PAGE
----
Kristie, his wife, was really the instigator of this most holy work of God. She had been reading a series of Christian articles entitled "The Fight Against Mammon" that were given to her by a disgruntled fellow saint in her home group that actually despised these writings. The articles proclaimed that the love of money was so widespread in the assemblies of Jesus in the west that this demonic influence must be broken for ordinary people to truly love Jesus and inherit His kingdom. Kristie had been gripped in her heart of hearts because the articles described both her and Jordan, her husband of 15 years. And she was the one who broached the subject with her husband, and had left the articles in conspicuous places around their lavish home in hope he would read them. Her prayer was answered. But now, it became more than she bargained for with her heavenly Father.

Jordan was even under more conviction than Kristie, it appeared. They were having very spirited discussions on what to do with all their stuff, their investments, their newer vehicles, even their fancy home that they had fooled themselves into believing they'd use it for real "ministry" to the poor. Their talks were often turning into arguments as Jordan was now ready for action, a bold action he declared to his wife.

They both were troubled over the last few years of their faith walk that the fruit in their lives was minuscule. There was an emptiness and lack of joy in their hearts that they had valiantly tried to fill with many, many things. Home school activities for their children Seth, age 12, and Ashley, age 9, didn't cut it. Their recent entrance into small group home ministry in the lat to years soon proved to be Christianity "light" with almost all participants talking about themselves, their "ministries," and even sensing a void of fellowship around how to serve the crippled, lame, poor, blind, widows, orphans, and prisoners. Jordan even picked up an acrostic to help him remember all the categories of the "least of these." It was called the "CLPB – WOP," pronounced Clipped Whop.

Kristie tried the local church ladies group, taking Ashley with her. But, alas and alack. Ashley had befriended a couple of people as only the younger children can do. Her salvation in the last year was real to all around her, and even her parents now knew that there was something more to the Way than just a Sunday meeting, a Wednesday night home group, and a ladies group once a month. Ashley was asking to spend time with Quisha, a young black girl she had met at a hotel pool a few miles away while her cousins were in town. Not only that, but Quisha introduced the family to her dirt-poor Grandma, Stephanie, who was raising her, and to another black single mom in their run down apartment complex, Lisa, who was recently abandoned and then saved, doggedly trying to raise four kids under 8 years of age on $18,000 a year.

Ashley and Quisha were now talking by phone frequently, and the details of her economically hopeless life were being related at the dinner table and in the car to her folks. Jordan and Kristie would turn and look at each other, their hearts hurting for these souls, wondering what they might do practically. More than once, Kristie had cried herself to sleep softly with this burden not wanting to disturb Jordan in the other side of their king size bed.

It was Jordan who first felt the direct leading on the Holy Spirit to sacrificial action, or so he thought. As he approached Kristie, she knew that look. The last time he had displayed that look to her was when he was describing the greed and avarice of the owners of the company he worked for as they ignored the desperate economic plight of many of his female co-workers. She thought she was ready for him now. But she had no idea.

He took her hand and began praying to Jesus. His voice became a bit more loud than normal, then it began cracking with emotion as he pleaded with the Spirit to give them courage to enter into the battle for peoples souls. He pleaded with God the Father for grace to stand strong. Kristie had never heard him pray like that before. Never. The prayer went on for some time, a lot longer than Kristie anticipated. Even when he was done and peered back into her face, the look was still there. The kids were silently in the next room listening to every word.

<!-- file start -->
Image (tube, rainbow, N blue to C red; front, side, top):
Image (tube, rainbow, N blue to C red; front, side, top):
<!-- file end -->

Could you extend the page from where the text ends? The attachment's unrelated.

Things need to change big time, he declared. They were trapped in the American gospel of affluence and had been seduced, he went on. The kids were becoming yuppies, and the desire for more and more was subtly out of control. Jordan proclaimed that they couldn't compare themselves by their fellow church goers for almost all were rich by the worlds standards. Kristie asked what they should do, her heart racing now.

Jordan gushed over with a number of ideas. John the Baptist said give your extra clothes away. Paul said be content with what you have which means daily bread and basic housing. So we have to deal with our investments, this fancy house, and these vehicles. How can we, he said, store up these treasures on earth when Quisha, Stephanie, and Lisa are all very close to being evicted from their apartments since rent had gone up 30% in the last year due to the "gambling" in the housing market. To top it all off, he lamented, the girl's teeth are rotting out of their heads from poor nutrition.

Our clothes, $150,000 in investments, $200,000 in home equity and excess furniture, and no time for outside ministry due to too much time at work were all things that needed to fall under the obedience of Jesus, he said.

Kristie was speechless. Was he going to do something stupid? Do I need to call my dad the long time elder in the AOG mega church to talk some sense into Jordan? What about the kids education? Their vacations? The list in her head multiplied as she added up what they would lose.

She went to bed wondering what the next day would bring. Oh, more grace dear Lord. She felt like her whole world might just spin right out of control. She wondered silently and yet shamefully why she ever married Jordan in the first place. Why did she have to read that article about the fight against mammon in the first place? I can see now why my friend despised the article, she mused.

And a voice through the ages echoed faintly through her heart that very moment, "And what will it profit a man if he gains the whole world, and forfeits his soul?"


~SOURCE:  "Walk Worthy" - http://walkworthy.injesus.com